Cross Perspectives on HR Challenges in the Tech & IT Sector

2 engineers working on a robotic arm - Pearson TalentLens

Estelle Calestroupat, Work Psychologist and Key Account Consultant at Pearson TalentLens, and Anna Ballerand, HR Manager of Pearson France, share a common background: experience in the Tech & IT sector. They have agreed to share their experiences regarding the specific HR challenges in this field.


A Dynamic Sector in Full Expansion

Estelle Calestroupat and Anna Ballerand agree that the Tech & IT sector is highly dynamic and constantly evolving. While this trend isn't new, it has accelerated significantly in recent years. "Technological innovations are constant. New products, services, and solutions emerge continuously to meet the changing needs of users," notes Anna Ballerand. The attraction to this sector is undeniable. "It no longer appears reserved only for a few experts. The new generations are comfortable with technology and digital tools; it's part of their daily lives, which draws them to work in this field," adds Estelle Calestroupat.


HR Challenges in the Tech-IT Sector:

  • Talent shortage and volatility: The Tech-IT sector is not immune, like many other sectors, to candidate shortages. "The demand for qualified IT professionals often exceeds the available supply, making talent acquisition and retention highly competitive," says Anna Ballerand. Estelle Calestroupat agrees, confirming that "although the number of candidates is growing, recruitment needs are increasing even faster." She warns that "companies in the sector must rethink their approach to recruitment, management, and employee training. Those who succeed will have a real competitive advantage."
  • Skills obsolescence: The rapid evolution of new technologies requires continuous training. Anna Ballerand emphasizes that "keeping staff skills up-to-date can be a challenge for HR in terms of continuous training and professional development."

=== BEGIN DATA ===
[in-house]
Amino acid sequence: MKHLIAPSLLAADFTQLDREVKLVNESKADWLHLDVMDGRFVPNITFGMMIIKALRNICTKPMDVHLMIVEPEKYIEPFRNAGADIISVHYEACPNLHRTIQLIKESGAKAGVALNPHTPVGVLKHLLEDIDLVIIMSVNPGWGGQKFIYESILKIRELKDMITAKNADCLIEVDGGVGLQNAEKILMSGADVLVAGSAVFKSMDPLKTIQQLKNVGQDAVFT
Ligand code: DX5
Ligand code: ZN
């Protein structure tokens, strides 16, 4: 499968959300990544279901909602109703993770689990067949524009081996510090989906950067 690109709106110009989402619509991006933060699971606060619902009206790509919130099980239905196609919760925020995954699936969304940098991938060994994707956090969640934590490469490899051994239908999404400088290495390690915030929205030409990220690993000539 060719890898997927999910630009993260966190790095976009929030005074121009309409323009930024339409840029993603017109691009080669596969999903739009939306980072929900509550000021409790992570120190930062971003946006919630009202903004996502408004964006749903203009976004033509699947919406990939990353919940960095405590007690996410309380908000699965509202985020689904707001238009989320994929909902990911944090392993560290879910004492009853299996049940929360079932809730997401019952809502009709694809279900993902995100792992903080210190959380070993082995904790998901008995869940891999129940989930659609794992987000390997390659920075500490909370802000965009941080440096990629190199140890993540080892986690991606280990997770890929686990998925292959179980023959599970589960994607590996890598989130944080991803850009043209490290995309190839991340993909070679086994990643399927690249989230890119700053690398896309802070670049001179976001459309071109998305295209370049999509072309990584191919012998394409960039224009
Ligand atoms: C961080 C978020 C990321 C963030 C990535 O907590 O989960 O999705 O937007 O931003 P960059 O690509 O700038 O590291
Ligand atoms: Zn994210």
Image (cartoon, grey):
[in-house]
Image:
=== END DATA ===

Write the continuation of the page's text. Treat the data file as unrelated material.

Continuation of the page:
• Need for diversity: The Tech-IT sector faces challenges regarding diversity and inclusion. "Companies need to implement strategies to encourage diversity in their teams and address underrepresentation of women and minorities," suggests Anna Ballerand.


The Increasing Use of Psychometric Tests to Assess Skills

The skills sought in the Tech-IT sector are varied and necessarily depend on the context, the company, and the position. "All these elements require, as with every recruitment process, an analysis of expectations," recalls Estelle Calestroupat before specifying that "generally, there will be expectations in terms of technical skills/knowledge (or at least an inclination towards new technologies), adaptability/learning ability, analytical skills, and transversal skills (such as organization, rigor, teamwork, communication, etc.)."

To assess these skills, HR professionals can rely on personality and value inventories, tests of intellectual aptitudes, and tests of critical thinking. "Psychometric tests allow either the evaluation of a candidate's strengths and areas for development in relation to the expectations of a position, as in the case of an assessment during recruitment, or to accompany an employee in becoming aware of their comfort zones and areas for improvement (self-awareness, understanding of their functioning) in a developmental logic," says Estelle Calestroupat.

Their advantages are numerous, adds Anna Ballerand:

  • Finer selection of candidates: Evaluating candidates' cognitive abilities, personality traits, and behavioral skills helps select individuals most suited to the position and the company's culture.
  • Prediction of job performance: Identifying candidates' strengths and weaknesses enables recruiters to predict their performance and make more informed hiring decisions.
  • Reduction in staff turnover: Matching employees' skills and personality with the job and company requirements reduces turnover rates.
  • Professional development: Understanding employees' development needs leads to personalized development plans that promote talent retention.
  • Improvement of employee engagement: Recruiting individuals whose values and personality are compatible strengthens team cohesion and fulfillment in a positive and productive work environment.


Estelle Calestroupat has worked in the IT and new technologies sector for over 10 years. Initially, she worked internally at a digital services company in project management (defining competency frameworks and building evaluation processes), training for recruiters and recruiter managers, and operational recruitment (recruitment and internal mobility) for manager, sales, and bid manager profiles. She then collaborated with a headhunting firm specializing in the digital sector, again focusing on sales, bid managers, project managers, and managers.

Anna Ballerand spent 5 years at Cisco, a globally renowned IT company, responsible for recruitment and employee and manager training support, implementing social benefits, conducting professional interviews, and promoting campaigns such as Great Place To Work®.